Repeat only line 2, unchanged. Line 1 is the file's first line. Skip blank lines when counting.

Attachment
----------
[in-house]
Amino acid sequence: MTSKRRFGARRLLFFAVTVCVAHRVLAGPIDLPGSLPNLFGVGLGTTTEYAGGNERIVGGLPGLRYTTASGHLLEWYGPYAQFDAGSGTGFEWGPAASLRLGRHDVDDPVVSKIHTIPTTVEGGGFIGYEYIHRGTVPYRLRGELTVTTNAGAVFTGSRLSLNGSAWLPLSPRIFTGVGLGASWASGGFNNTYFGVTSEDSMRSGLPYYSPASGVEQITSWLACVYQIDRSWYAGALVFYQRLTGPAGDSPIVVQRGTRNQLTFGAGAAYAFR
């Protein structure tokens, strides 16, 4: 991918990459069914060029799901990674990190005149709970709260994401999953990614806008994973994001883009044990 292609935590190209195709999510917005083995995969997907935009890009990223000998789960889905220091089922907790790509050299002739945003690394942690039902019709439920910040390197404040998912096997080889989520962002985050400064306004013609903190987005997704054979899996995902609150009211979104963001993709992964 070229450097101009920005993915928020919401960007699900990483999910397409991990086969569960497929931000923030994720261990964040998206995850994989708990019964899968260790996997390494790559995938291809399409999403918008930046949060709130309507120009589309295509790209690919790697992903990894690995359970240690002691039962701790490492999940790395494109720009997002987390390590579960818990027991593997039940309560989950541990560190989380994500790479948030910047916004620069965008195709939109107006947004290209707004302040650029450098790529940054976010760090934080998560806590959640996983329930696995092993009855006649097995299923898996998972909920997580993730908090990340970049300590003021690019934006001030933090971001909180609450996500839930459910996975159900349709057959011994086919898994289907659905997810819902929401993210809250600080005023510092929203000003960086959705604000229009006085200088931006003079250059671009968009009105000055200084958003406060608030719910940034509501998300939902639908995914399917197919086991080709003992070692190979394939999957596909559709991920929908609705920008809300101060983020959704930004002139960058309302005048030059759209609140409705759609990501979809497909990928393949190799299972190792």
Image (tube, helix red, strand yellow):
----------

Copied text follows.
Amino acid sequence: MTSKRRFGARRLLFFAVTVCVAHRVLAGPIDLPGSLPNLFGVGLGTTTEYAGGNERIVGGLPGLRYTTASGHLLEWYGPYAQFDAGSGTGFEWGPAASLRLGRHDVDDPVVSKIHTIPTTVEGGGFIGYEYIHRGTVPYRLRGELTVTTNAGAVFTGSRLSLNGSAWLPLSPRIFTGVGLGASWASGGFNNTYFGVTSEDSMRSGLPYYSPASGVEQITSWLACVYQIDRSWYAGALVFYQRLTGPAGDSPIVVQRGTRNQLTFGAGAAYAFR